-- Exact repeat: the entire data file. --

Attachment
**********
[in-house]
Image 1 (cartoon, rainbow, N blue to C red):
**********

[in-house]
Image 1 (cartoon, rainbow, N blue to C red):